# Understanding Wiki's Milky Way Galaxy rotation chart

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## Main Question or Discussion Point

I was reading the wikipedia entry for Dark matter halo here:

https://en.wikipedia.org/wiki/Dark_matter_halo

And they have this graph for the Milky Way galaxy rotation curve: "Galaxy rotation curve for the Milky Way. Vertical axis is speed of rotation about the galactic center. Horizontal axis is distance from the galactic center. The sun is marked with a yellow ball. The observed curve of speed of rotation is blue. The predicted curve based upon stellar mass and gas in the Milky Way is red"

What I don't understand is that I found several other graphs for the Milky way rotation curve that look like this: Why in the wikipedia graph (top chart) is the predicted curve based on visible matter (red line) so different from the "visible matter only" line in the bottom graph. In the top chart the Sun sits at the intersection of the predicted (visible matter) and observed (visible + dark matter) lines.. but on the bottom graph they don't intersect at the sun. What am I missing here?

Thanks for any help with this!

Chalnoth
There's a large amount of uncertainty about precisely how much normal matter there is in the Milky Way, partially as a result of the fact that there's a lot of dust that blocks much of the light of stars further away (this is why there's a big dark band in images of the Milky Way in visible light).

So I think the best clue is the fact that in the first graph, the two points meet exactly at the location of the Sun. This likely means that they use the Sun's orbit to calculate the total mass of matter that's closer to the center of the Milky Way than we are, then assume that all of that matter is normal matter, and that it's got some particular distribution based on observations.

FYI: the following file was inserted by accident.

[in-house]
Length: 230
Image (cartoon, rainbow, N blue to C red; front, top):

The graphs that show the "normal matter only" curves as much lower most likely use observational estimates of the total mass of the normal matter, rather than our orbit.

There's a large amount of uncertainty about precisely how much normal matter there is in the Milky Way, partially as a result of the fact that there's a lot of dust that blocks much of the light of stars further away (this is why there's a big dark band in images of the Milky Way in visible light).

So I think the best clue is the fact that in the first graph, the two points meet exactly at the location of the Sun. This likely means that they use the Sun's orbit to calculate the total mass of matter that's closer to the center of the Milky Way than we are, then assume that all of that matter is normal matter, and that it's got some particular distribution based on observations.

The graphs that show the "normal matter only" curves as much lower most likely use observational estimates of the total mass of the normal matter, rather than our orbit.
Yeah, that seems like a good explanation since they say it's a predicted curve based on stellar mass. It still seems odd to me that they would do this because there is such a difference in velocity in the second graph (220 km/s vs 160 km/s). You mentioned a lot of uncertainty about how much normal matter is in the Milky way. Is there enough uncertainty that some researchers still think that even without dark matter the sun would have a velocity of 220 km/s? I know that some observed galactic motion absolutely requires dark matter, but what I'm wondering is does this requirement apply at the distance of our solar system. In other words, is there any disagreement among experts that the Milky Way galaxy needs dark matter for our Sun to have its current velocity?

The second graph seems to indicate that the need for dark matter increases as the distance increases from the Galactic center.

Chalnoth